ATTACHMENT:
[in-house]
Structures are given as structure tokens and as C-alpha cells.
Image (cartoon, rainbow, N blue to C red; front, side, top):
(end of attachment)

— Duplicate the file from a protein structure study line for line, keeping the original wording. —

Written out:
[in-house]
Structures are given as structure tokens and as C-alpha cells.
Image (cartoon, rainbow, N blue to C red; front, side, top):